Article

Access_open Can Corporate Law on Groups Assist Groups to Effectively Address Climate Change?

A Cross-Jurisdictional Analysis of Barriers and Useful Domestic Corporate Law Approaches Concerning Group Identification and Managing a Common Climate Change Policy

Journal The Dovenschmidt Quarterly, Issue 3 2014
Authors Tineke Lambooy and Jelena Stamenkova van Rumpt
Author's information

Tineke Lambooy
Tineke Lambooy is Professor Corporate Law at Nyenrode Business University and Associate Professor Corporate Social Responsibility at Utrecht University.

Jelena Stamenkova van Rumpt
Jelena Stamenkova van Rumpt, LLM, is Advisor Responsible Investment at PGGM (Dutch Asset Manager for Pension Funds).
Article

Access_open Multinationals and Transparency in Foreign Direct Liability Cases

The Prospects for Obtaining Evidence under the Dutch Civil Procedural Regime on the Production of Exhibits

Journal The Dovenschmidt Quarterly, Issue 3 2013
Keywords foreign direct liability, corporate social responsibility, transparency document disclosure, Dutch Shell Nigeria case
Authors Liesbeth F.H. Enneking
AbstractAuthor's information

    On 30 January 2013, the The Hague district court rendered a final judgment with respect to a number of civil liability claims against Royal Dutch Shell (RDS) and its Nigerian subsidiary Shell Petroleum Development Company of Nigeria (SPDC) that had been pursued by four Nigerian farmers and the Dutch NGO Milieudefensie in relation to various oil spills from SPDC-operated pipelines in the Nigerian Niger Delta. This case is the first Dutch example of a broader, worldwide trend towards similar transnational civil liability procedures against multinational corporations for harm caused to people and planet in developing host countries. This worldwide trend towards so-called ‘foreign direct liability cases’ and the Dutch Shell Nigeria case in particular raise many interesting socio-political as well as legal questions. This article will focus on the question what the prospects are for plaintiffs seeking to pursue such claims before a Dutch court when it comes to obtaining evidence under the Dutch civil procedural regime on the production of exhibits. This is a highly relevant question, since the proceedings in the Dutch Shell Nigeria case seem to indicate that the relatively restrictive Dutch regime on the production of exhibits in civil procedures may potentially impose a structural barrier on the access to remedies before Dutch courts of the victims of corporate violations of people and planet abroad.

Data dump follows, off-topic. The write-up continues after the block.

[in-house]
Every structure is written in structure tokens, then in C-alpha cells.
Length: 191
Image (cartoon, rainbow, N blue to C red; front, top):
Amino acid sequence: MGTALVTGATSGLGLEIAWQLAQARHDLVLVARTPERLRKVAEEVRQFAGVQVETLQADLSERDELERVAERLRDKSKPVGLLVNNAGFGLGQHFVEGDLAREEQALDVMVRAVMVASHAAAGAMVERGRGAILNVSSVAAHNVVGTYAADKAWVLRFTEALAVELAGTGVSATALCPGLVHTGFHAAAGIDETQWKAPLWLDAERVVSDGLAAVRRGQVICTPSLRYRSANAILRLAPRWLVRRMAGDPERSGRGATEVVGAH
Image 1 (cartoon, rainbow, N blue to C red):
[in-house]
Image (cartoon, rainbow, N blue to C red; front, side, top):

Liesbeth F.H. Enneking
Liesbeth Enneking is a Postdoctoral Research Fellow at UCALL, Utrecht University’s multidisciplinary Centre for Accountability and Liability Law, and an Assistant Professor of Private International Law at Utrecht University’s Molengraaff Institute for Private Law. The author would like to thank prof. I. Giesen for comments on an earlier version of this article.
Article

Access_open Multinational Corporations and Human Rights